$160B deal to combine Pfizer and Allergan raises outcry
A $160 billion deal announced Monday to merge Pfizer and Allergan and create the world's biggest drug company renewed the outcry in Washington over "inversions," in which U.S. corporations combine with companies overseas to lower their tax bill.
The combination—the second-largest merger in history—could have ramifications around the globe, pushing up drug prices and spurring more such deals in the fast-consolidating health care sector and other fields.
It is also increasing the election-year backlash from U.S. politicians who have been blasting drugmakers recently over medicine prices that can exceed $100,000 a year.
In what would be the biggest inversion ever, Pfizer could save hundreds of millions in U.S. taxes annually because it would move its tax headquarters from America to Ireland, where Allergan is based. Pfizer, now headquartered in New York, would slash its tax rate from around 25 percent this year to about 18 percent.
Inversions have long been attacked by some politicians as a tax dodge, and Hillary Rodham Clinton and Bernie Sanders, the leading Democratic presidential contenders, criticized the deal.
Clinton said it will leave "U.S. taxpayers holding the bag," while Sanders said it will be a "disaster" for Americans already paying high prescription drug costs.
Asked if the deal was designed to avoid taxes, Pfizer CEO Ian Read said only that company executives' obligation is to shareholders and patients.
The merger is subject to approval from regulators in the U.S., European Union and elsewhere. It also needs the go-ahead from shareholders of both companies.
Pfizer makes such drugs as Viagra, cholesterol-lowering Lipitor and the clot-preventer Eliquis. Allergan produces the wrinkle treatment Botox and Restasis for dry eyes, and also has a superior pipeline of medicines in development.
If it goes through, the merger will return Pfizer to the top spot in the pharmaceutical industry, after years in which competition from cheaper generics cut into its revenue from some of its blockbuster drugs.
The combination will essentially be Pfizer "but with a lower tax rate," wrote Bernstein analyst Tim Anderson.
Despite attempts by Congress and the Treasury Department to thwart the practice, about 50 U.S. companies have inverted in the past decade, and more are considering it, according to the nonpartisan Congressional Research Service. Treasury said it had no comment Monday.
Ireland's lower corporate tax rate would have saved Pfizer nearly $1 billion of the $3.1 billion in U.S. taxes it paid in 2014.
Sen. Charles Schumer, D-N.Y., a member of the Senate Finance Committee, called Pfizer's move "truly disturbing," given how the company has benefited from federally funded research and infrastructure. He and other politicians said Congress needs to reform tax laws, such as by lowering corporate rates, to prevent more inversions.
The health care sector has been the hottest in U.S. mergers this year and last, with deals worth $451 billion, according to Dealogic.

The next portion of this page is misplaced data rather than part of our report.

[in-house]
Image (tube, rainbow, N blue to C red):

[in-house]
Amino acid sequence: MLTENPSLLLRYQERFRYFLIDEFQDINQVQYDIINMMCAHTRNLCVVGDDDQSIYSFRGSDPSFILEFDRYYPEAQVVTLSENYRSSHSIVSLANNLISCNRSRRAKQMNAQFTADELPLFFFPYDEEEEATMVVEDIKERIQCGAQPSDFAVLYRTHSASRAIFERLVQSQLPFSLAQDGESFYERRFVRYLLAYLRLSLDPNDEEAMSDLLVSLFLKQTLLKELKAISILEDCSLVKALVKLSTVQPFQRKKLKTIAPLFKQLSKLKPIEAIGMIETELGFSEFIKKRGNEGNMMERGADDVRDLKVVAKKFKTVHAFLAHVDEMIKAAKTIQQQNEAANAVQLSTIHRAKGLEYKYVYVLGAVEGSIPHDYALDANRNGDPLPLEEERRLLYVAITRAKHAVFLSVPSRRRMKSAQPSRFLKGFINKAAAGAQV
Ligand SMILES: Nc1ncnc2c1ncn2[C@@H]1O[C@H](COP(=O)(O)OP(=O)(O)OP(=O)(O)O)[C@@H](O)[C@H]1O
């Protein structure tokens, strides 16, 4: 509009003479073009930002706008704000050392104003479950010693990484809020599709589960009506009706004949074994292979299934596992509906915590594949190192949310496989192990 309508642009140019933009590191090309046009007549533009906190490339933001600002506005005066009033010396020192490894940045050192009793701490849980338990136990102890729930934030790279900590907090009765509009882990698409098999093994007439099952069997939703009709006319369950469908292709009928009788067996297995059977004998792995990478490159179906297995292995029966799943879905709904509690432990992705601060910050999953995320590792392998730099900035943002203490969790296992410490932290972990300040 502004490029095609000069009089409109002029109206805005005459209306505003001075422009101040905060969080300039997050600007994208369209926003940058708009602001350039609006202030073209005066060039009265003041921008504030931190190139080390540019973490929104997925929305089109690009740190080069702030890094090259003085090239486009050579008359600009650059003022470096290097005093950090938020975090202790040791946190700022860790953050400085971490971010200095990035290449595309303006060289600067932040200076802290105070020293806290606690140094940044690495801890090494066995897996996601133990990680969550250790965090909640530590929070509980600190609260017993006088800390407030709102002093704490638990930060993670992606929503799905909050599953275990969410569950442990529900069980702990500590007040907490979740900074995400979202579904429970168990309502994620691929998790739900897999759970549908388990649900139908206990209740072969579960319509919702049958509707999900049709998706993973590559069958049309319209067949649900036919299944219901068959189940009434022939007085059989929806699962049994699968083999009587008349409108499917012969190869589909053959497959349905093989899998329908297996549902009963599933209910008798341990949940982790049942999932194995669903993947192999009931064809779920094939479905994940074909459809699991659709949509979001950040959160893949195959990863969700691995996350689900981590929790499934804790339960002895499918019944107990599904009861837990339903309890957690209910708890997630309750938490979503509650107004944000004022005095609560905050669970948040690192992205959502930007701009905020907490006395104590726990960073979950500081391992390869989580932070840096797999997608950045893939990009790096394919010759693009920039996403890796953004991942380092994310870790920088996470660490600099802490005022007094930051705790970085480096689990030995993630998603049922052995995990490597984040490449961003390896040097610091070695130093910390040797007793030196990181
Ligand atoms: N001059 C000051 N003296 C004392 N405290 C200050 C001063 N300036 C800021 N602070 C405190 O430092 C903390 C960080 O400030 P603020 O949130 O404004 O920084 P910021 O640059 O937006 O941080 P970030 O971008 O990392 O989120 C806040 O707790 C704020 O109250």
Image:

Drugmakers, insurers and pharmacy chains are combining to boost revenue, cut costs and increase their clout in negotiating prices and contracts. Each new deal puts pressure on smaller rivals to bulk up.
John Colley, a professor at Warwick Business School in Britain, predicted even bigger deals as "industry players become concerned about being left behind in the race for scale."
For consumers, however, such combinations could lead to higher drug prices, as well as higher taxes to cover the lost tax revenue, said Jerry Reisman, a New York merger expert.
"We're all going to feel this," he said.
The deal will enable the combined company to pour around $9 billion a year into research on new treatments, Read said in an interview. That includes work on cures for Alzheimer's disease, Parkinson's, cancer and other difficult-to-treat illnesses. It costs upwards of $1.5 billion to get a new drug approved.
"The impact for patients is great, both short term and long term," said Read, who will be chairman and CEO of the combined company, to be called Pfizer Plc.
Executives wouldn't discuss any layoffs, but they are considered inevitable, given that the companies predict annual savings of about $2 billion within three years of closing the deal. Pfizer has about 95,000 employees, Allergan 15,000.
Investors didn't much like the deal. Allergan stock fell 3.4 percent, to $301.72, while Pfizer dropped 2.6 percent, to $31.33.
Currently No. 2 among drugmakers globally, Pfizer posted revenue of $49.6 billion in 2014, when Allergan reported $13.1 billion. Switzerland's Novartis, the No. 1 drugmaker for the last few years, reported $58 billion in 2014 revenue.
Several U.S. drugmakers have performed inversions through acquisitions in the past several years, including generic drugmaker Mylan. Allergan itself is the product of an inversion.
Last year, the Treasury Department issued new regulations to curb the financial benefits of inversions. Amid political backlash over the looming Pfizer-Allergan announcement, Treasury rushed out new rules Thursday, but they focus on deals in which the overseas company's shareholders end up with 20 to 40 percent of the combined corporation.
Under the agreement announced Monday, Allergan's shareholders will own 44 percent of the stock, and Pfizer's 56 percent.
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